Culture binds organizations and their members together. It’s present in every community, including colleges and universities. Culture has to be communicated well in order for a college or university to express who they are. That clear communication also allows them to effectively show what they offer, and why it matters in this rapidly changing world.
The pandemic has created a challenge in communicating culture. It urged some students and families to consider a gap year or alternate pathways. Indeed, with all of us stuck at home, our sense of community has changed. Students found it harder to concentrate and stay in classes. Professors had to switch to virtual lessons on such a short notice. Though helpful, online classes could’ve affected a college’s or university’s quality of education, as well as its culture.
Thankfully, schools have begun reopening and college students can now reunite with their cliques and communities. For freshmen, this school year is particularly remarkable, as the pandemic will influence the way they’d navigate through college. So how can their school’s culture enhance their lives until their graduation?
The Mission Should Reflect on the Culture
It’s easy for schools to claim that they’re a diverse institution and pride themselves on it. But then behind the facade, neglect and discrimination are actually rampant. In this scenario, the culture becomes toxic, no matter how much the school believes otherwise. If it remains unchanged, they’ll create students that lack confidence. This can affect their lives after graduation, even if they did fairly well in their studies.
Hence, colleges and universities should build their culture around their mission or objective. If they want to diversify their student body, then biases toward race, color, gender, etc., should be unlearned. This will help students — freshmen and upperclassmen alike — to feel a stronger sense of belonging while on campus. They will no longer feel like sticking to a small group without a voice is the only way to feel safe. Most of all, they’ll feel relieved instead of anxious at the idea of going back to school. With a welcoming environment on campus, students from diverse backgrounds can have a voice that matters.
Celebrate Timeless Ideals
Universities and colleges typically celebrate a particular historical figure. This is similar to how Catholic schools look up to saints and regard them as role models. While this can be effective in forming values, constantly celebrating a historical figure can also damage the culture. That’s because it insists that tradition is prioritized over innovation. It prevents the culture from evolving into something that fits the rapidly changing world.
This doesn’t mean that schools should get rid of their long-established practices. Rather, they should only separate them from the best practices, which are those that fit the modern culture. To do that, schools should loosen their attachments to historical figures, and celebrate timeless ideals instead.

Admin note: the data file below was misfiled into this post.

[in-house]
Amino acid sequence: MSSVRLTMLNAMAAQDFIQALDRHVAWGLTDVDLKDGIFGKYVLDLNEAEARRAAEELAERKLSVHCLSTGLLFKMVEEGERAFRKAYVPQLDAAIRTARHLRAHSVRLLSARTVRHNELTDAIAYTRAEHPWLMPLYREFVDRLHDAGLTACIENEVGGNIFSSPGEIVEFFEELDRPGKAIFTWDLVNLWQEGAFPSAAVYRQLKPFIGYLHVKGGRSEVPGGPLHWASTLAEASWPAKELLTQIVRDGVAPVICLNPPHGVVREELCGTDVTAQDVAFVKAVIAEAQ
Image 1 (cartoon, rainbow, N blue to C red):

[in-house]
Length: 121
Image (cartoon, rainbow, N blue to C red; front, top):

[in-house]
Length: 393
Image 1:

In the new normal, schools have plenty of opportunities to do that. High-quality virtual college tours can highlight both the traditions and new perspectives of the institution. The administration can talk about the school’s history, where its values are rooted, and how they want to use those values to create a safe world for every student. They shouldn’t be set in their ways, reasoning that it’s simply respecting tradition, even at the expense of professors, staff, and students having problems.
Instill Personal Responsibility
If managers in the workplace should instill accountability within their teams, schools should do the same with their students. Just because the culture is always changing doesn’t mean hard work is already unnecessary. College is still the training ground for adulthood and the workforce. As such, students shouldn’t be encouraged to deliver mediocre results. They must know that mediocrity affects long-term success. If they are getting bad grades, it should be addressed, because college isn’t like high school, where they can skate by with low marks.
Students shouldn’t just work to survive college. They must work to thrive in it. Although getting stellar marks isn’t the only way to thrive, they must at least try to surpass the passing rate. College students should view hard work as a personal responsibility, not a trap or a means to enslave them. As they’d be productive members of society after graduating, they must get used to working hard, and not settling on mediocrity, while in university.
Though today’s culture breeds kindness, diversity, inclusivity, and empathy, schools shouldn’t stop challenging their students. A healthy challenge stirs grit, passion, and discipline. Those qualities will allow them to become responsible, hard-working, and accountable adults. This is how schools can produce great leaders.